In State Politics, Anti-Obamacare Attacks Continue As Outreach Ramps Up
Some state officials tout their anti-Obamacare credentials as enrollment efforts pick up on the eve of the Oct. 1 opening of new online marketplaces.
The Washington Post: Ken Cuccinelli Launches First Campaign Ad To Focus On Obama Health-Reform Law
With portions of the Affordable Care Act set to kick in next week, Attorney General Ken Cuccinelli II’s campaign for Virginia governor is airing its first ad explicitly aimed at the health-reform measure. The ad, titled "Obamacare,” focuses on Cuccinelli’s (R) long-standing opposition to President Obama's signature legislation while blaming foe Terry McAuliffe (D) for the measure's perceived faults (Pershing, 9/26).
The Wall Street Journal’s Washington Wire: Michigan GOP Governor To Washington: Work It Out
Michigan Gov. Rick Snyder may be a Republican, but he blames both sides for the bitter partisan fight underway in Washington over federal spending and borrowing, and the shape of the president’s health-care overhaul. "I hold all sides equally accountable. I see no value in 'Who did what to whom?'" he said in an interview after a speech at the conservative American Enterprise Institute (King, 9/26).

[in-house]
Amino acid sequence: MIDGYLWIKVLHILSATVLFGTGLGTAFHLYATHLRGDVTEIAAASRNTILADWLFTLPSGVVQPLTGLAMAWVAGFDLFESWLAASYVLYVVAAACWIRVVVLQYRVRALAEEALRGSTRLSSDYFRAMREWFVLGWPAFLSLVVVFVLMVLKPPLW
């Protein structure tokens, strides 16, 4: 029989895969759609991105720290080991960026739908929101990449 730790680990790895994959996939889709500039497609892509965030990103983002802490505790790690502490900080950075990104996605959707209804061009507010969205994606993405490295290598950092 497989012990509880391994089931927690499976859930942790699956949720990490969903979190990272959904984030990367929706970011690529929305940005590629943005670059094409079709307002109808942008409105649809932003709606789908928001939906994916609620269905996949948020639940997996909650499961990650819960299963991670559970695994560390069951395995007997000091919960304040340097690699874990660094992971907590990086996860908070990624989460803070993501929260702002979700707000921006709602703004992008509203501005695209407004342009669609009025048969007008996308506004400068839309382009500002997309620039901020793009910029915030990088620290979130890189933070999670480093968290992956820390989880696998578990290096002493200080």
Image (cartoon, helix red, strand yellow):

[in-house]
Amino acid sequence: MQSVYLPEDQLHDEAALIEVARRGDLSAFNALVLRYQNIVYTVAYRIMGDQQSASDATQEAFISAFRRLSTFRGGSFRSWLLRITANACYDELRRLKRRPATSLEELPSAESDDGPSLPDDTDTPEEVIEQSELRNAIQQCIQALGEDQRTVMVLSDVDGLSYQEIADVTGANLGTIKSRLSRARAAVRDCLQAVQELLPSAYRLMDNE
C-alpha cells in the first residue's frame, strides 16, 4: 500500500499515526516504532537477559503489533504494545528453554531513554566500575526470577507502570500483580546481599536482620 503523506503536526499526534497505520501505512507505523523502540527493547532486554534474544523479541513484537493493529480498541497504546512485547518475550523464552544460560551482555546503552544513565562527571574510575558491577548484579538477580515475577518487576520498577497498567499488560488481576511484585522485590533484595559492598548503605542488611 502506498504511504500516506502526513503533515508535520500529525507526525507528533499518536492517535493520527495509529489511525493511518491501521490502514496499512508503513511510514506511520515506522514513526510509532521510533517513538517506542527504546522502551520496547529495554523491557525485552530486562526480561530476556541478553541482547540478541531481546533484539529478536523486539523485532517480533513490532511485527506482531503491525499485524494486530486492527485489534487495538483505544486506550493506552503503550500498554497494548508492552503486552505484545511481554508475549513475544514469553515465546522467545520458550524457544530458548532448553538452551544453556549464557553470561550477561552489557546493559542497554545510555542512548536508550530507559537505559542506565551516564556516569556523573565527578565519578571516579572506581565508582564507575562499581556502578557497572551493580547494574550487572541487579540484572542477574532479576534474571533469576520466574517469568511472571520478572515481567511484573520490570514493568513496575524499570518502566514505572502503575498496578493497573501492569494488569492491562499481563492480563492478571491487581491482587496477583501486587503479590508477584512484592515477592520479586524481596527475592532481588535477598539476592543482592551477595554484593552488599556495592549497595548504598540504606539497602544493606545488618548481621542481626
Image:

Kaiser Health News: Houston Embraces Obamacare Outreach, Despite Cruz And Perry
Two high-profile Texans are fighting the Affordable Care Act. Governor Rick Perry has loudly dismissed the law, and Republican Sen. Ted Cruz took to the Senate floor this week to rail against it at length -- 21 hours and 19 minutes to be exact. On the other side you have Rosy Mota and her clipboard, standing at the door of a CVS pharmacy in one of Houston’s Latino neighborhoods, stopping shoppers. … Mota works for Enroll America, a national organization that has borrowed its tactics from the Obama re-election campaign. Using data-mining and digital maps, the group is figuring out where the uninsured in Houston live, down to the block and house level (Feibel, 9/27).
The Associated Press: HHS Secretary Talks Health Care Overhaul In Dallas
U.S. Health and Human Services Secretary Kathleen Sebelius says she's hoping Texas lawmakers will change their minds about accepting funding for the health care overhaul once its provisions kick in (Merchant, 9/26).